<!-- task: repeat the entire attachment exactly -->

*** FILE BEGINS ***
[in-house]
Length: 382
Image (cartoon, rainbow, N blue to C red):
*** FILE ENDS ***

[in-house]
Length: 382
Image (cartoon, rainbow, N blue to C red):